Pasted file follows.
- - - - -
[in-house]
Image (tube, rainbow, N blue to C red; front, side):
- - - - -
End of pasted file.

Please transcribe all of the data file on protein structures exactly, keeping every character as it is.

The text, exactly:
[in-house]
Image (tube, rainbow, N blue to C red; front, side):